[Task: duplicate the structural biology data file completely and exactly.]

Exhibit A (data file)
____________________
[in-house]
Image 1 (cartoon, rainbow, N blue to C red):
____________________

[in-house]
Image 1 (cartoon, rainbow, N blue to C red):